In the recent Federal Circuit decision in Circuit Check v. QXQ Inc., the Court discusses the bounds of analogous art when considering the scope and content of the prior art in an obviousness determination. In making the determination whether a claim is obvious, the fact finder is required to decide, among other things, the scope and content of the prior art. This is because not every potential disclosure that pre-dates the invention can be considered prior art; the disclosure must be analogous to the claimed invention. It is well-established that the test for whether prior art is analogous is “if it is from the same field of endeavor or if it is reasonably pertinent to the particular problem the inventor is trying to solve.” The Federal Circuit used the Circuit Check decision to iterate that there are indeed limits to determining what is “reasonably pertinent” to the particular problem the inventor is trying to solve.

The patents at issue in Circuit Check (U.S. Patent Nos. 7,592,796, 7,695,766, and 7,749,566) generally related to interface plates for an expensive circuit board tester, and specifically the inclusion of a “second indicia [that] is removed from areas when said plate [is] adjacent each of said predetermined holes.” QXQ alleged that the patents at issue were invalid as obvious in view of one or more primary references in combination with any one of three separate secondary references. The three secondary references related to: (1) rock carvings; (2) engraved signage; and a machining technique known as Prussian Blue.  Circuit Check contested that any of the three references were analogous art, asserting that none of the three references were reasonably pertinent to the particular problem the inventors were trying to solve at the time the inventions were made.

In considering the test for determining whether prior art is analogous, the Court specifically focused on the portion that evaluates whether the art “is reasonably pertinent to the particular problem the inventor is trying to solve.” The Court noted that the “question is not whether simple concepts . . . are within the knowledge of lay people or even within the knowledge of a person of ordinary skill in the art. Rather, the question is whether the inventor would look to this particular art to solve the particular problem at hand. (Emphasis added.) The Court determined that because the patent holder Circuit Check provided sufficient evidence (to wit, testimony) that “an inventor would not have considered the disputed prior art when trying to improve [the] marking [as recited in the claims],” the three disputed references were non-analogous art.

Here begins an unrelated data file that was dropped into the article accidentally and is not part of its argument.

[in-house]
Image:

One takeaway from this case is that prior art that is not in the same field of endeavor cannot be relied on by the examiner in an obviousness rejection unless it is reasonably pertinent to the particular problem the inventor is trying to solve. This is true even if the prior art teaches a relatively simple concept. Providing arguments and evidence demonstrating that a secondary reference is so far afield that one of ordinary skill in the art would not look to that art to solve the particular problem at hand can be used to argue against obviousness rejections that include prior art references from seemingly disparate fields.

Further, patent practitioners may consider framing the particular problem the inventor was trying to solve in a field-based or otherwise narrow manner directly in the text of the application while drafting it. Doing so may prove helpful in establishing that the problem addressed by the inventors was not of the nature that would have led a person having ordinary skill in the art to look to a disparate field to arrive at the claimed solution. Of course, when framing the questions, practitioners will recognize that framing should also be done with an eye toward the potential impact question framing can have on future claim interpretations, where a narrowly defined question may narrow the scope of claims.